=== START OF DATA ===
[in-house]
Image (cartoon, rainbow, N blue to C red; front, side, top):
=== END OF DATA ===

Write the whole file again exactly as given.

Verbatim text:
[in-house]
Image (cartoon, rainbow, N blue to C red; front, side, top):